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Lord Hamlet,-with his doublet all unbrac'd;
Pol. Mad for thy love?
Oph. My lord, I do not know; But, truly, I do fear it,
Pol. What said he ?
Oph. He took me by the wrist, and held me hard : Then goes he to the length of all his arm; And, with his other hand thus.o'er his brow, He falls to such perusal of my face, As he would draw it. Long staid he so ;. At last,--a little shaking of mine arm,
99 And thrice his head thus waving up and down,-. He rais d a sigh so piteous and profound, As it did seem to shatter all his bulk, And end his being: That done, he lets me go : And, with his head over his shoulder turn'd, He seem'd to find his way without his eyes ; For out o' doors he went without their helps, And, to the last, bended their light on me.
Pol. Come, go with me; I will go seek the king. This is the very ecstacy of love; Whoše violent property foredoes itself, And leads the will to desperate undertakings, As oft as any passion under heaven,
That does afflict our natures. I am sorry,-
Oph. No, my good lord; but, as you did command,
Pol. That hath made him mad. I am sorry, that with better heed, and judgment, I had not quoted him : I fear'd, he did but trifle, And meant to wreck thee; but, beshrew my jealousy! It seems, it is as proper to our age
12% To cast beyond ourselves in our opinions, As it is common for the younger sort To lack discretion. Come, go wę to the king This must be known; which, being kept close, might
More grief to hide, than hate to utter love.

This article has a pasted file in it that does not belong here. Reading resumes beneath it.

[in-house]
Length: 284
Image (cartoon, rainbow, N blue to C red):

The Palace. Enter the King, Queen, RosenCRANTZ,
GUILDENSTERN, and Attendants. King. Welcome, dear Rosencrantz, and Guilden
stern! Moreover that we much did long to see you, 'The need, we have to use you, did provoke Our hasty sending. Something have you heard Of Hamlet's transformation; so I call it, Since nor the exterior nor the inward inan
Resembles that it was: What it should be,
rest here in our court
Ros. Both your majesties
your dread pleasures more into command
Guil. But we both obey ;
King. Thanks, Rosencrantz, and gentle Guilden
Queen., Thanks, Guildenstern, and gentle Rosen
And I beseech you instantly to visit
[Exeunt Ros, and Guil. Queen. Ay, amen!
Pol. The embassadors from Norway, my good lord, Are joyfully return'd.
King. Thou still has been the father of good news:
Pol. Have I, my lord ? Assure you, my good liege, I hold my duty, as I hold my soul, Both to my God, and to my gracious king: And I do think (or else this brain of mine Hunts not the trail of policy so sure As it hath us'd to do) that I have found The very cause of Hamlet's lunacy.
180 King. O, speak of that; that I do long to hear.
Pol. Give first admittance to the embassadors;. My news shall be the fruit to that great feast., King. Thyself do grace to them, and bring them in.
[Exit POLONIUS. He tells me, my dear Gertrude, he hath found
The head and source of all your son's distemper.
Queen. I doubt, it is no other but the main;
189 Say, Voltimand, what from our brother Norway?
Volt. Most fair return of greetings, and desires.